Oldest living WWII vet's home getting an upgrade thanks to Meals on Wheels

The East Austin home Richard Overton has lived in for 70 years is getting a renovation from Meals on Wheels of Central Texas and the Home Depot Foundation.

Richard Overton, the oldest living World War II veteran, is moving out his home temporarily so it can be made more accessible for him.

Before heading to a hotel while the work is done on his home along Richard Overton Avenue, he sat on his porch like he does every day.

"I sit here and wave at them, and they wave at me," said Overton.

"The front porch is his stage and that's where he loves out of all the parts of the house,” said Martin Wilford, Overton’s friend of almost 40 years.

Under his 111th birthday sign, Overton told KVUE how much he loves his neighborhood

"Got good neighborhoods, they like me, and I like that we have each other,” said Overton.

He built the home in the late 1940s, after returning home from serving in World War II, and he's lived there for 70 years.

While he's at a hotel, the Meals on Wheels Central Texas Home Repair team will be renovating the home for the first time, making it more accessible for Overton.

"Mr. Overton's probably our oldest client,” said Adam Hauser, President and CEO of Meals on Wheels Central Texas.

Hauser said they do these type of upgrades, so that older individuals can stay living in their homes, on their own.

"The whole idea behind it is simple, there are many older adults who want to stay in their home, that's where they feel the safest and most comfortable but their homes are in disrepair, and so we want to be able to come in and do repairs,” said Hauser. “Make the home safer, make it more accessible, make it a more healthy environment for them to live the remainder of their life, in the place that they’re most comfortable, so that's really the mission is to provide this service so our older adult neighbors in Central Texas can continue to live in their homes independently."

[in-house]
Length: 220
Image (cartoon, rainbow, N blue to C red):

The work is part of their partnership with the Home Depot Foundation to repair homes for veterans around the country.

"We have been able to repair a lot of veterans homes in the Central Texas area because of that relationship,” said Hauser.

Hauser said they currently have 39 other similar home projects going on in the Austin area for veterans. According to Hauser, they work on both small and large renovation projects. The large ones ranging between $20,000 and $50,000.

"Many people know us for our signature meal delivery program, but several years ago we adopted a more holistic approach to our services, and one of the addition services we're offering is home repair," said Hauser.

Since 2012, he said they’ve repaired 194 homes, totaling upgrades of $2.1 million. Repairs that will allow adults like Mr. Overton to continue living on their own.

At Overton’s home, crews are renovating Overton's bathroom, making it more accessible. They’re replacing original wiring from the 1940s, widening doorways, replacing carpet with laminated floors to prevent tripping, and for the first time, installing central heating and air conditioning.

"I feel good, I'm really surprised, that’s something I've never had done in my life, of course I've been around a lot of people, haven't had this kind of work done, yeah, I'm glad to get it done,” said Overton.

But he jokingly seems unimpressed.

"I've seen many bathrooms go up, I’ve seen everything go up," said Overton.

He even talked about wanting to get to work.

"I wish I could go to work, but I can't make it, I can get up and walk, talk, see, but I can't work," said Overton. "Any kind of work they'd give me, I've done all kinds of work."

"I think it’s the best thing for this house to be renovated to bring it back up to code,” said Wilford. "It’s all a blessing to see the oldest vet get caught up on things that he needs, it’s a necessity.”

A necessary project, that Overton hopes goes by quickly so he can get back to his porch.

"I don't know I wish they would do it in one hour, but they can't do it,” said Overton. "Be glad when it starts, be glad when it gets through, that's two glads.”

But who knows, now that he'll have air conditioning, he may spend a bit more time inside his historic home.

Work on Overton's home is expected to take two weeks.

© 2017 KVUE-TV


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